Your Twitter timeline has evolved, and those tweets from random users (that you don’t follow) are probably there to stay.
In a post titled “The spirit of experimentation and the evolution of your home timeline”, Twitter’s Trevor O’Brien says that most users enjoyed seeing tweets from accounts they didn’t follow, and that it’s one of those experiments that’s going to be sticking around as a permanent feature.
“We constantly try new experiments around here, which serve to inform the evolution of the product…” says O’Brien. “For example, we recently ran experiments that showed different types of content in your timeline: recommended Tweets, accounts and topics. Testing indicated that most people enjoy seeing Tweets from accounts they may not follow, based on signals such as activity from accounts you do follow, the popularity of the Tweets, and how people in your network interact with them. These experiments now inform the timeline you see today.”
For a long time, Twitter has displayed tweets from people you don’t follow in your timeline – in the form of retweets and promoted tweets (ads). More recently, the company began showing curated content in users’ timelines – basically popular stuff that Twitter thinks you’d like from users you don’t follow.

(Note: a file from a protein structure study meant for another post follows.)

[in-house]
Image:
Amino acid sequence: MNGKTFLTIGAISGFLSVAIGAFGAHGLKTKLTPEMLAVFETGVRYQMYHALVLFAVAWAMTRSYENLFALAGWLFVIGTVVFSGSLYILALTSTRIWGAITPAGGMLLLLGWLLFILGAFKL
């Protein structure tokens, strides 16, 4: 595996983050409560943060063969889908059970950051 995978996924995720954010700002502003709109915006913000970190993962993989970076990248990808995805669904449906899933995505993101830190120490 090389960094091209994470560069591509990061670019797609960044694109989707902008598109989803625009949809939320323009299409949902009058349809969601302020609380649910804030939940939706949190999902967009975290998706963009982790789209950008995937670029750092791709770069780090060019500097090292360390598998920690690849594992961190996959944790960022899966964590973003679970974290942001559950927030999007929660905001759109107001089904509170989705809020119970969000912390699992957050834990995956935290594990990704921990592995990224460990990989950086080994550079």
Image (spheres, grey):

Here’s how Twitter describes its process:
When we identify a Tweet, an account to follow, or other content that’s popular or relevant, we may add it to your timeline. This means you will sometimes see Tweets from accounts you don’t follow. We select each Tweet using a variety of signals, including how popular it is and how people in your network are interacting with it. Our goal is to make your home timeline even more relevant and interesting.
When it comes to what you want to see when you open your Twitter app, Twitter clearly believes it knows what’s best.
Another one of these experiments that ruffled some feathers recently was the showing of favorited tweets in timelines – as in showing people who follow you the tweets you’ve favorited in their timelines, basically like retweets.
Twitter CEO Dick Costolo clarified things a bit when he suggested that Twitter would only show stuff like that when it doesn’t have anything better to show – meaning you’ve already consumed all the content available to you and there’s nothing left in your stream.
But for now, you’re going to keep seeing tweets in your timeline that you didn’t ask for. It’s like ads, but Twitter’s not trying to sell you any product except Twitter itself. Things may get a little cluttered, but it probably won’t be as bad as you think it’ll be.
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